Rana Rahimpour was BBC Persia’s lead anchor, covering everything from Iran’s presidential elections to its nuclear programme, making her a target of the regime. The endless bad news has inspired her to retrain as a psychedelic therapist
First, the passenger plane. Flight PS752. Blown out of the sky. All 176 on board, killed. Later, the arrest of a 22-year-old woman. Seized by the morality police. Died in custody. Swirling rumours, noisy protests, then the crackdowns, brutal and swift.
Iran is not your average beat for a broadcast journalist. Not by a long shot. For BBC Persia’s former lead presenter, Rana Rahimpour, the troubled Middle Eastern state consumed her every waking hour for 15 long years.
Eventually it broke her. The death threats, the wiretappings, the intimidation of her family, the fake news campaigns on social media, the non-stop churn of bad news. It was more than she could take. She cracked.
“I couldn’t get out of bed. I became suicidal. I had terrible paranoia,” she recalls. “So I decided to leave the BBC. I figured I’d stay in news [but] then I started wondering if the flow of constant crises isn’t actually making people more depressed.”
Today, she’s back on her feet. She credits a new passion for her turnaround. It has nothing to do with the fast-paced, adrenaline-charged atmosphere of an international newsroom. Quite the opposite, in fact. Rahimpour’s focus now lies at the other end of the spectrum – on tackling her demons, on resolution, on peace of mind.
Her inspiration, she says, is psychedelic. Literally. Natural psychedelic compounds – a category that includes psilocybin (magic mushrooms), DMT (found in ayahuasca), mescaline, and LSD, among others – are becoming increasingly recognised as a possible solution to mental illness.
Psychedelics take you to the source of whatever problem you’re facing and help you deal with it in a very spiritual way
Rahimpour won’t be drawn on whether she has direct experience, but her bookshelves are filled with studies on the mental health benefits of psychedelics.
Plus, she’s spoken to dozens of people with firsthand knowledge and all credit it with beating conventional pharmaceuticals hands down. Their disorders differ – from anxiety and depression to post-traumatic stress and severe addiction – but all talk of feeling “lighter”, “happier” and “more positive” post-treatment.
“Psychedelics take you to the source of whatever problem you’re facing and help you deal with it in a very spiritual way, which isn’t something you’d experience with standard western medicines,” she says.
As a treatment option, however, psychedelics have two major downsides. The first is the uncertainty of it. Bad trips remain a real possibility. As a subset of hallucinogenic drugs, psychedelics trigger non-ordinary mental states that, on occasion, can heighten fear and anxiety rather than reduce it.
Having an expert, trained therapist on hand is therefore very much advised. Someone who can help prepare people for what to expect, share tools like breathing techniques, and be there with them during the trip experience itself.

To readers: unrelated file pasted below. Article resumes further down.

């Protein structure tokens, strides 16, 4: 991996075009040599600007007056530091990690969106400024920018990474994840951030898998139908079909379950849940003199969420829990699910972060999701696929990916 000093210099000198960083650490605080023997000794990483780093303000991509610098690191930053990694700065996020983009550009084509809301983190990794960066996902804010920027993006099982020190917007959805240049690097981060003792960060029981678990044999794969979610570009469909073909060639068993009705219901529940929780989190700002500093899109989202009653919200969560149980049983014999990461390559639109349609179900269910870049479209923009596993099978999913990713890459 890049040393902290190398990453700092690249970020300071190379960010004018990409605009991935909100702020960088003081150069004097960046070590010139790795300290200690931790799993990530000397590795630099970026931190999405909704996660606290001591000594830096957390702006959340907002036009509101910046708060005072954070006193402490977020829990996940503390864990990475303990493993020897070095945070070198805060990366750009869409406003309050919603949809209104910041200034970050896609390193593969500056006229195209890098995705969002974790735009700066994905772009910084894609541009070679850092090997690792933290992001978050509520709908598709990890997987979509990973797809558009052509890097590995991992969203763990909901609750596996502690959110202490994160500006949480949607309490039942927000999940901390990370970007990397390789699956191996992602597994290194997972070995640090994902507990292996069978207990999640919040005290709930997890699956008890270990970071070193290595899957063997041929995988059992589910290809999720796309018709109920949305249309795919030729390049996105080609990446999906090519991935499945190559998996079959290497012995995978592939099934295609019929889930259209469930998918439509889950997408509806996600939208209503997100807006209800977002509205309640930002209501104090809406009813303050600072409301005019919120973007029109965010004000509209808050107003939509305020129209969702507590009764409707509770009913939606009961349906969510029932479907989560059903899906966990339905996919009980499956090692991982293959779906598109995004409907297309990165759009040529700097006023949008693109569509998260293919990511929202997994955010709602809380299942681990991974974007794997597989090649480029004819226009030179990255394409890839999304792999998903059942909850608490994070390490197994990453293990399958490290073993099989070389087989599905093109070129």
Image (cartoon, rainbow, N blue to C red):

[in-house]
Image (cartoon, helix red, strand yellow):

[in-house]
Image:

While she knows becoming a qualifed therapist will require many years or training, it’s the future that Rahimpour has set her heart on: “I watched a documentary called Fantastic Fungi, about the powers of mushrooms, and I turned to my husband and said: ‘That’s what I want to do’.”
To that end, she is continuing to read everything and anything she can find on the topic, from peer-reviewed academic papers to practical ‘how-to’ guides. In prominent place on her shelf is Michael Pollan’s influential 2018 book, How to Change Your Mind.
Next step is to embark on a training course to acquire the necessary qualifications to practise. Few options exist at the moment, but she has an eye on several formal programmes in the US and the Netherlands.
There are so many made-up stories about psychedelics, but I think people should know how useful they can be
Jumping from high-profile journalist to professional psychedelic therapist represents a huge leap, but it’s one that, with the support of her husband and parents, she has little hesitation in making.
“There are so many made-up stories about psychedelics, but I think people should know how useful they can be,” she says. “My whole perception [about them] changed when I decided that this is what I want to do with my life.”
The only problem – cue, the second downside – is that it’s illegal. At least in the UK. Despite an upsurge in interest in medical circles and their widespread use for centuries in many Indigenous communities, naturally occurring psychedelics such as magic mushrooms remain a class A drug.
Not everywhere is the same. In July 2023, Australia gave the go-ahead for the use of certain psychedelics (including psilocybin) in the clinical treatment of some forms of PTSD and depression. Similar permissions are available in individual states in Canada and the US. Magic truffes have long been legal in the Netherlands.
The legal barriers leave Rahimpour in a bind, but she believes we’re on the brink of change.
“However I do it, I’ll find a way of getting myself trained up,” she says. “When the clinical application of psychedelics becomes legal in the UK, which I believe it will very soon, I want to be ready to help.
Main image: Amara Eno
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